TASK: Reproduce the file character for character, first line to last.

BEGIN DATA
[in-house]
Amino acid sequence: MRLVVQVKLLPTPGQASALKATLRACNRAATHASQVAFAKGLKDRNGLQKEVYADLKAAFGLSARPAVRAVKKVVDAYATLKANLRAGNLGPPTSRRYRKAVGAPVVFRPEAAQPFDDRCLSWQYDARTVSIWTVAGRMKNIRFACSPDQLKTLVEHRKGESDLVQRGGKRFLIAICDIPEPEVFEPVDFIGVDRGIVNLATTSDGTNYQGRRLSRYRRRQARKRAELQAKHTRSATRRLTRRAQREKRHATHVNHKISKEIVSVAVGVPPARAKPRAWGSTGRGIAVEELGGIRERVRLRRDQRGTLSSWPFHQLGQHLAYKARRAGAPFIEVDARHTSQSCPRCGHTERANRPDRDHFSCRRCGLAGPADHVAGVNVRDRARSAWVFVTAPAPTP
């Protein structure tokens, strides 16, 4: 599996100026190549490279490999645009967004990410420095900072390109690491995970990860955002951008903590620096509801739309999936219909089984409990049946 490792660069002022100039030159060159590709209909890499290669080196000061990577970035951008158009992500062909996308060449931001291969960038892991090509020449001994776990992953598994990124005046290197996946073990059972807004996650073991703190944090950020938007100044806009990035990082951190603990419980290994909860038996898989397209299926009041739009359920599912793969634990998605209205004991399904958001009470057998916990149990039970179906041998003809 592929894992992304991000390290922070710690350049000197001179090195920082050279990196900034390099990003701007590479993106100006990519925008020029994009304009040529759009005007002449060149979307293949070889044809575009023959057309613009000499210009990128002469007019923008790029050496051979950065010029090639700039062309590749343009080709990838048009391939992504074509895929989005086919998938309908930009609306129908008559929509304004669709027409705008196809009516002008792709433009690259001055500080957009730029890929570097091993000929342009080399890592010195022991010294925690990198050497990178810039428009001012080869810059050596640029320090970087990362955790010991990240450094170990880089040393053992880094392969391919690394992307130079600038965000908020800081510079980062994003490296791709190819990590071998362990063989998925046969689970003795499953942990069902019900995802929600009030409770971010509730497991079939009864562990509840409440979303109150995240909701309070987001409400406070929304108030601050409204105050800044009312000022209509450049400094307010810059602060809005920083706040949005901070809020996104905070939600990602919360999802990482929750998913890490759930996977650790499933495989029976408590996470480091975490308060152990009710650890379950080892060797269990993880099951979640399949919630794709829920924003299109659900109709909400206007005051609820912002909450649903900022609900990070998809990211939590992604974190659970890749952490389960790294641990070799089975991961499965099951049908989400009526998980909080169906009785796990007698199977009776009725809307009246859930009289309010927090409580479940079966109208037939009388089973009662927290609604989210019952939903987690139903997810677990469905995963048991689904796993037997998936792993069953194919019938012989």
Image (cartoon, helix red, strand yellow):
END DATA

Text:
[in-house]
Amino acid sequence: MRLVVQVKLLPTPGQASALKATLRACNRAATHASQVAFAKGLKDRNGLQKEVYADLKAAFGLSARPAVRAVKKVVDAYATLKANLRAGNLGPPTSRRYRKAVGAPVVFRPEAAQPFDDRCLSWQYDARTVSIWTVAGRMKNIRFACSPDQLKTLVEHRKGESDLVQRGGKRFLIAICDIPEPEVFEPVDFIGVDRGIVNLATTSDGTNYQGRRLSRYRRRQARKRAELQAKHTRSATRRLTRRAQREKRHATHVNHKISKEIVSVAVGVPPARAKPRAWGSTGRGIAVEELGGIRERVRLRRDQRGTLSSWPFHQLGQHLAYKARRAGAPFIEVDARHTSQSCPRCGHTERANRPDRDHFSCRRCGLAGPADHVAGVNVRDRARSAWVFVTAPAPTP
């Protein structure tokens, strides 16, 4: 599996100026190549490279490999645009967004990410420095900072390109690491995970990860955002951008903590620096509801739309999936219909089984409990049946 490792660069002022100039030159060159590709209909890499290669080196000061990577970035951008158009992500062909996308060449931001291969960038892991090509020449001994776990992953598994990124005046290197996946073990059972807004996650073991703190944090950020938007100044806009990035990082951190603990419980290994909860038996898989397209299926009041739009359920599912793969634990998605209205004991399904958001009470057998916990149990039970179906041998003809 592929894992992304991000390290922070710690350049000197001179090195920082050279990196900034390099990003701007590479993106100006990519925008020029994009304009040529759009005007002449060149979307293949070889044809575009023959057309613009000499210009990128002469007019923008790029050496051979950065010029090639700039062309590749343009080709990838048009391939992504074509895929989005086919998938309908930009609306129908008559929509304004669709027409705008196809009516002008792709433009690259001055500080957009730029890929570097091993000929342009080399890592010195022991010294925690990198050497990178810039428009001012080869810059050596640029320090970087990362955790010991990240450094170990880089040393053992880094392969391919690394992307130079600038965000908020800081510079980062994003490296791709190819990590071998362990063989998925046969689970003795499953942990069902019900995802929600009030409770971010509730497991079939009864562990509840409440979303109150995240909701309070987001409400406070929304108030601050409204105050800044009312000022209509450049400094307010810059602060809005920083706040949005901070809020996104905070939600990602919360999802990482929750998913890490759930996977650790499933495989029976408590996470480091975490308060152990009710650890379950080892060797269990993880099951979640399949919630794709829920924003299109659900109709909400206007005051609820912002909450649903900022609900990070998809990211939590992604974190659970890749952490389960790294641990070799089975991961499965099951049908989400009526998980909080169906009785796990007698199977009776009725809307009246859930009289309010927090409580479940079966109208037939009388089973009662927290609604989210019952939903987690139903997810677990469905995963048991689904796993037997998936792993069953194919019938012989």
Image (cartoon, helix red, strand yellow):